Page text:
Families fleeing Florida, Texas amid anti-LGBTQ legislation, nonprofit head says

  • by John Ferrannini, Assistant Editor
  • Friday May 12, 2023
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Leaders of LGBTQ organizations said on a webinar that families are fleeing states like Florida and Texas because of anti-LGBTQ laws that have been passed. Photos: Florida, courtesy WPTV; Texas, courtesy Twitter
Leaders of LGBTQ organizations said on a webinar that families are fleeing states like Florida and Texas because of anti-LGBTQ laws that have been passed. Photos: Florida, courtesy WPTV; Texas, courtesy Twitter

Families fleeing states passing anti-LGBTQ legislation can get microgrants from one nonprofit, whose leader said people are "leaving everything they know and almost in a dark-of-night situation."

Susan Maasch, who said she is part of the LGBT community and is cisgender, is on the board of directors of the Maine-based Trans Youth Equality Foundation. Taking part in an Ethnic Media Services webinar May 12, Maasch said, "It's very different hearing about it on the news, knowing what's right and wrong, and hearing the stories out of the mouths of the families that are fleeing."

The states Maasch's organization has helped people leave the most are Florida and Texas. The maximum amount it provides is $3,000.

"Recently we decided we'd announce we're offering microgrants to any families that were fleeing red states and put the word out there," Maasch said. "We have heard from hundreds of people, so of course we are overwhelmed by requests, and of course it's heartbreaking."

Speaking with the Bay Area Reporter after Friday's event, "A War on Transgender People," Maasch said that applications closed May 10.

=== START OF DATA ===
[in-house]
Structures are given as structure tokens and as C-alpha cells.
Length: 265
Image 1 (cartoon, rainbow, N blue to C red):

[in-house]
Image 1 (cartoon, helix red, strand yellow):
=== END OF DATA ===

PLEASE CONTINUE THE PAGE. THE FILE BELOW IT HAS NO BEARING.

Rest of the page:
"We will decide next week our final list of grantees and we will then have the number of people we can help," Maasch stated. "Families are getting anywhere up to $3,000, so much less for some."

In response to questions of how many people are being helped and whether the B.A.R. could speak to one or more of the grantees, Maasch stated, "We will not be allowing info on them to be shared. We will, however, share their stories ourselves with no identifying info so as to raise awareness. Maybe some will share their stories later."

During the webinar, Maasch had stated, "Families are so scared, and the rhetoric, and the discrimination, and the emboldening of hate toward them and toward their children is increasing so much that there's a fear and there's an urgency that a lot of families feel, so what it really looks like is hundreds of people packing their cars, fleeing their houses, selling them, quickly dumping them."

One example Maasch mentioned was of a single mother who moved to Minnesota. She did not mention the person's name or where she came from.

"In this family, for instance, the mother of three children, she doesn't know anyone in Minnesota, she doesn't know where to go in Minnesota," Maasch said. "She has to go to the lowest income area."

The webinar went on for a little over an hour Friday morning and featured Nadine Smith, a queer woman who is the executive director of Equality Florida; Texas state Representative Gene Wu (D-Houston), a straight ally; and Sailor Jones, a trans person who is associate director of Common Cause North Carolina.